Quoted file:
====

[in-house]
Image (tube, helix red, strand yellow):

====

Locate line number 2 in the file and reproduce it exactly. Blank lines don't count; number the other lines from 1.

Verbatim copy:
Image (tube, helix red, strand yellow):